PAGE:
by Alexander Larman
When I finished writing The Crown in Crisis, the book that has become the first part of my Windsors trilogy, I was asked two questions more than any other. Was the Duke of Windsor really a Nazi? And do you think that there are present-day parallels between Edward and Wallis and Harry and Meghan?
Researching and writing The Windsors at War focused my attention on the first question for months, if not years. If we cannot give a truly definitive answer as to the state of the Duke’s fascist leanings, then this is not through want of trying, nor for lack of existing evidence. Certainly, it is unfortunate that, if Edward was not a bona fide Nazi sympathizer, he chose to spend quite a lot of time in the company both of similarly inclined men and fully paid-up members of the regime, including, on one spectacularly ill-advised occasion, Hitler himself. The Duke of Windsor frequently claimed that the point of these meetings was to broker peace and to establish Britain as a force for good in the world; that his abdication in 1936, and its subsequent disastrous aftermath, did little but cause chaos as far as his reputation went was seldom remarked upon.
This brings us to the contemporary parallels that British commentators and critics have already taken delight in seizing upon. It was pure coincidence that the Duke and Duchess of Sussex staged their own quasi-abdication from the Royal Family at the beginning of 2020, just before the pandemic, but writing The Windsors at War made me all too aware that a former royal and his American wife who have caused controversy everywhere that they’ve been—and appear, at least in part, to thrive on the publicity opportunities offered by this controversy—is a phenomenon both of the 21st century and of eighty years before. There are undeniable similarities between Prince Harry and the Duke of Windsor, and Meghan Markle and Wallis Simpson. The world has certainly changed since the events depicted in The Windsors at War, but perhaps human nature has not.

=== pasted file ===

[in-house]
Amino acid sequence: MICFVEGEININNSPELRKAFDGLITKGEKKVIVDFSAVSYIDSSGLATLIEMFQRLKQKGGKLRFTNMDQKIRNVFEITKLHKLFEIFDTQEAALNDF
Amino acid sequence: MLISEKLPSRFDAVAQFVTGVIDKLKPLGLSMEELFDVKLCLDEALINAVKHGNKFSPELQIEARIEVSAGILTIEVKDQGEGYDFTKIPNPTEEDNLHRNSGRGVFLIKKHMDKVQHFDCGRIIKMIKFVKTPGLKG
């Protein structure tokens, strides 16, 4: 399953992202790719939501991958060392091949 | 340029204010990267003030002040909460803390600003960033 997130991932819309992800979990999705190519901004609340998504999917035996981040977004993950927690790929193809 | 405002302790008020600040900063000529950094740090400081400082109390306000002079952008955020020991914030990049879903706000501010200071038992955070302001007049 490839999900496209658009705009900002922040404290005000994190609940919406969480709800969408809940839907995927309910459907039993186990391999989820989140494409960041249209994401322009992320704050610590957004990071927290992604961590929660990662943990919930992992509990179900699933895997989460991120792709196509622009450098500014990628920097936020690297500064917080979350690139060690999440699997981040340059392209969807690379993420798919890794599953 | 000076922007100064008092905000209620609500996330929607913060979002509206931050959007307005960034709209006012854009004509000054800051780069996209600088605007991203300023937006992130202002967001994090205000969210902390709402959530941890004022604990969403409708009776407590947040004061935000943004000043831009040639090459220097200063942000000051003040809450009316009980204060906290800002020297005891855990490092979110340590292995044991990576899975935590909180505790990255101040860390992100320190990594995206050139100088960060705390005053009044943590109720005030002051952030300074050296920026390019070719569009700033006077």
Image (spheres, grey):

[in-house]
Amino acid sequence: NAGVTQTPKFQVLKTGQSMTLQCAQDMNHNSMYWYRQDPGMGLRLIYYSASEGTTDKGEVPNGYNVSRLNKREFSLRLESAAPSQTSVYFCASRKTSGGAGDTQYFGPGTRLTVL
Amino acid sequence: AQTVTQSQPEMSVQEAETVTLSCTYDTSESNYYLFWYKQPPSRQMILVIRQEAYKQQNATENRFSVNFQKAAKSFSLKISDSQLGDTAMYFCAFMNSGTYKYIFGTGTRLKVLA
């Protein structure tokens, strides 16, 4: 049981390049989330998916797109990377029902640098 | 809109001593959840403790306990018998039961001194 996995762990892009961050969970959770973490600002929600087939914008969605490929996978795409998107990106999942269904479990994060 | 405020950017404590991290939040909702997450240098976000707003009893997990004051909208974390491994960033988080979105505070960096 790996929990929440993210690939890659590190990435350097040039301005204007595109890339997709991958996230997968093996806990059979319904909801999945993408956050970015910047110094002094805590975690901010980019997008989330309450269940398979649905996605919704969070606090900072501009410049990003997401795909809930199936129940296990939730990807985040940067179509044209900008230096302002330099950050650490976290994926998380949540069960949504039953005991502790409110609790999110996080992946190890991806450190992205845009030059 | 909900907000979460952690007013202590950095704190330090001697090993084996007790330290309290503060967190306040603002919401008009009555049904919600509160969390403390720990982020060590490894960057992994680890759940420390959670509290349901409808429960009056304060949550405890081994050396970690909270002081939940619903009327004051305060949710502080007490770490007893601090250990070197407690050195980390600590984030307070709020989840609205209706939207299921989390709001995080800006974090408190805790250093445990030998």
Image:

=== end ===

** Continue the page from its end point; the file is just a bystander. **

Nonetheless, it was never my intention to write a book purely about the misadventures of two of the most notorious people of the twentieth century. At the heart of my book lies another family and dynamic altogether: that of King George VI, reluctantly thrust onto the throne in the immediate aftermath of his brother’s abdication and struggling to cope with the inordinate personal and psychological demands of kingship. It is his struggle against adversity both foreign and domestic that, I hope, gives the book its narrative arc. I was fascinated to see how courtiers, diplomats, and politicians were able to observe the king’s ability to seize the mettle at a time of inordinate crisis, and, unlike his self-absorbed, vacuous brother, to put the demands of country and nation far above those of himself.
Yet, as the former Edward VIII acknowledged in his abdication broadcast of 11 December 1936, “he has one matchless blessing, enjoyed by so many of you, and not bestowed on me—a happy home with his wife and children.” The Windsors at War is, among many other things, a family drama. I hope that I have explored the relationship between George VI and Queen Elizabeth—using some never-before-seen documents that I believe shed light on both their marriage and their wider relationship with their country—with both sympathy and dignity, giving them the respectful, in-the-round treatment that they deserve. And if their daughters, Princess Margaret and Princess Elizabeth, occupy lesser roles in this story than might be expected, all I can suggest is that readers will not be disappointed with their greater prominence in next year’s concluding part of the Windsors trilogy, Power and Glory.
My aim, always, as an author and historian, is to entertain my reader. The most intricately researched book in the world is useless if the prose is dry, if the characters do not come alive, and if the weight of learning renders it unreadable. Instead, my intention was always to view this story in quasi-cinematic terms. From the opening evocation of the German bombing of Buckingham Palace in September 1940 to the climatic VE Day celebrations, this is a narrative rich in incident, color, and life. My intention has been to write a book that I myself would enjoy reading, and I dearly hope that I have succeeded. It has been a privilege to immerse myself in this fascinating, surprising world, and I hope—with the coronation of King Charles III imminent as I write this—that the new royal dynasty will be a less tempestuous one than the squabbling, dysfunctional family depicted here. Alas, given what we know of posterity, you wouldn’t count on it.
Alexander Larman is a British historian and journalist. He is the author of several acclaimed books of historical and literary biography, including Blazing Star, Byron’s Women, and The Crown in Crisis. He has also edited and ghostwritten for a variety of publications. He writes for the Times, Observer, and Telegraph, as well as The Spectator and The Critic. He lives in Oxford.